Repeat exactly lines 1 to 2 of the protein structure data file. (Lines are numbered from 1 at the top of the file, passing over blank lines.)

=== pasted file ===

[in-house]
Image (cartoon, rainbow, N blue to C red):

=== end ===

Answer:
[in-house]
Image (cartoon, rainbow, N blue to C red):